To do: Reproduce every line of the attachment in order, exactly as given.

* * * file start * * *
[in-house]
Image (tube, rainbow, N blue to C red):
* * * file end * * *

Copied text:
[in-house]
Image (tube, rainbow, N blue to C red):